CES 2015: webOS, tablets and funky tv’s

The 2015 International CES is over.  Among the products and product lines shown off were curved Televisions, 4K TV, ‘quantum dot’ TV, TV dongles, tablets, smartphones and accessories, self driving cars and more computers-of all shapes and sizes. Oh, and smart watches and fitness bands. Lots of them.

So, where do we start?  Well, lets start with one of my favorite operating systems. This OS is now in televisions, phones and … soon, smart watches.  Yep, webOS is making a splash with LG spearheading the way.  They purchased the OS from HP in 2013 and began adapting it for use in smart televisions.  The first effort, while it sold five million televisions, was less than stallear. webOS 2.0, however, is said to be fast and easier to code for than the previous release.  It has also been shrunk down to watch size.  LG has, seemingly, teamed with Audi to produce a watch that can open the car doors, place calls and a plethora of things.  LG denies it and Audi was just trying to show off the car.  The Verge reports seeing an ‘about’ screen that shows the webOS version.  For a dead OS, it sure is making a splash.  The interesting thing is that, at the current rate, LG will have more webOS devices in the wild than Palm/HP Palm ever could.

Intel showed off its Compute Stick, an HDMI dongle for your Television that is a complete Windows computer on a stick.  Selling for $149, the Compute Stick features an Atom processor, 2GB of RAM, 32GB of storage and features a micro-SD slot for future expansion. So, it is a rather spartan PC, but, it is very portable and Wifi enabled,so you could just throw it in a bag, your pocket, whatever and take it with you instead of a laptop. The drawbacks, of course, are that you do need a keyboard and mouse AND an HDMI enabled display. But, if you don’t mind these limitations, the Stick might just be your travelling companion.  A cheaper, $89 version running Linux will also be available.  Though, the Linux version sports half the RAM and only 8GB of storage.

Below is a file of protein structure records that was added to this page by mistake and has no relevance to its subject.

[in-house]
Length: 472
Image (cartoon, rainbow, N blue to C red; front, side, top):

I’m no Sony fan, but, I would definitely purchase their newest 65 inch set. This thing is 4.9 mm thick. The 4K set is thinner than most current smartphones.  It is edge to edge awesomness.

In a big nod to Microsoft’s Surface tablets, a group of former Google engineers introduced the Remix. To be offered up next month via a Kickstarter campaign, the device has many of the same features of Surface, looks like the Surface and its software, another Android fork, even resembles Windows 8 applications and its mail client is a rip off of Windows 8 mail.  Still, It says much about Surface that these gentlemen would decide to ‘me too’ the tablet.

Speaking of tablets, there were plenty to choose from. From a six inch Windows tablet all the way up to a 65 inch, 4k enabled tablet from FUHU.  Perhaps the most interesting ones, however, are the under $150 Windows tablets which are going to be available in the next month or so.  There were no new Kindles, but there were a bunch of Android tablets as well. No one tablet really stood out (well, maybe that 65 incher) but they were all well represented.  Have a look on CNet’s News.Com for more.

For a complete wrap up of the events at CES, the Verge has a good summary.